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Jerardi: When you thought 'Nova couldn't play better ...

HOUSTON -- How Villanova fashioned the rare 67-point turnaround from Dec. 7 to April 2 could be analyzed by some numbers savant. Or it could be explained by the Wildcats players.

While everyone in the NRG Stadium kept looking at the scoreboard as the rout morphed into a beatdown and eventually became an epic Final Four-record blowout, the players never noticed the score.

"We're so dialed in on defense, I didn't get a chance to really look at the score until I got subbed out the last time,'' Kris Jenkins said.

When it was explained to Daniel Ochefu that his team scored 25 consecutive points in barely more than 5 minutes against Oklahoma in a national semifinal, he smiled in disbelief and just said ``I didn't know that was possible, wow.''

Wow was three-letter word that kept getting repeated during and after the Wildcats really did beat the Sooners, 95-51. It was so bad that Wildcats coach Jay Wright yelled at Phil Booth to take a knee when he had a breakaway layup in the final seconds, opting instead to run out the shot clock. It was so bad that for the fourth of five NCAA games, Villanova's walk-ons were on the court at the finish.

``Every guy with the ball, we guard him as a team, five guys guarding the ball, in synch together, heart, together and tough,'' Jenkins said.

There were really two emotions when it mercifully ended, feeling sorry for an Oklahoma team with three seniors who had transformed the program to elite status. And marveling at the level of play from the Wildcats against a team that had beaten them 78-55 in Hawaii on Pearl Harbor Day.

``I peeped up late in the game at the scoreboard,'' Ochefu said. ``I was sure they weren't scoring 40 points in 25 seconds.''

None of this is happening by accident. This team is locked in on basketball and nothing else.

``We've seen the inside of a bus, the inside of a hotel, airplane, the arena and the locker room,'' Ochefu said.

It was 54-41. Exactly 5:18 later, it was 79-41. When does that happen?

This was not some directional school getting big money to lose badly in November. This was Oklahoma and Player of the Year Buddy Hield on the first Saturday in April. This was not supposed to happen, but it did.

``You're thinking about next play, substitutions,'' said Wright who also barely noticed the score. ``Probably everyone else knew earlier than I did.''

When the walk-ons hit the court, the score was 90-49, a bad 90-47 memory for Penn fans that has lingered for 45 years. I have no memory of that game. I was 14 years from my Philadelphia debut. I won't forget this game.

I couldn't imagine Villanova playing any better than it did in its Sweet 16 win over Miami or its second-round win over Iowa. But this was better because they were playing an elite offense with a legendary scorer. And they made the Sooners give up.

When you can't decide which was sharper, the offense or the defense, you have a situation. The Wildcats scored those 95 points on just 64 possessions, a cool 1.484 points per possession. They shot really well in the first half (66.7 percent) and somehow better in the second (77.3 percent). Seriously, they scored all those points on just 49 shots and crushed the Sooners in the lane, 38-20.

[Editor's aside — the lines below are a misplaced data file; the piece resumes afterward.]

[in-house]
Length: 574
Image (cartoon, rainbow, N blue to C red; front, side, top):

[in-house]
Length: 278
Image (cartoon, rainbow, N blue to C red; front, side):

``I thought Villanova dictated everything,'' Oklahoma coach Lon Kruger said. ``They were up into us the first half…We were playing laterally instead of downhill. On the other end, they were attacking us off the dribble, winning that battle as well.''

There were no lost battles for the Cats on this night.

``They were terrific,'' Kruger said. ``We didn't have any answer for them. We would have liked to, but we didn't.''

The Sooners actually took six shots on one early second-half possession and missed them all. When there was a hint of some game pressure on Villanova, Jenkins threw a long bomb over the Sooners press to a streaking Mikal Bridges. One long step and a jam later was a statement that there would be no settling.

The Cats had more steals (12) than turnovers (11) which says something about the defense and the offense. The Sooners, one of America's most explosive teams, came completely unglued in the second half, taking 35 shots and missing 28. Whenever a team has more turnovers (8) than made shots in a half, it is going to be a very long evening. Hield, who was doing a Steph Curry in this tournament, made the game's first shot. It was his highlight in a game where he scored just nine points.

``We had everybody from Daniel Ochefu, our five man guarding him, Darryl Reynolds guarded him,'' Wright said. ``We did it so different guys were chasing him, moving off the ball, we were giving him different looks.''

On the night when Villanova got its school record 34th win in its record 39th game, the Sooners just happened to be in the way. It was the ultimate team game played just about perfectly.

``What was that?'' Saint Joseph's coach Phil Martelli texted an hour after the game.

It was six players in double figures, Josh Hart going totally off in the first half, everybody else in the second half, Hart, Ochefu and Ryan Arcidiacono taking 23 shots and missing four, the team taking 18 threes and making 11.

Lower Merion High coach Gregg Downer, who had Cats substitute big man Reynolds on his team a few years ago, said on Friday he had never seen a team more ``connected.''

Connected is the perfect word.

On to Monday night, a national championship on the line, the hottest team in the tournament a win away.

Ochefu and Arcidiacono no longer have to wonder when they might be playing their final college game. It will come in large domed stadium on the final night of the 2015-16 college basketball season, one more brilliant performance from a perfect ending.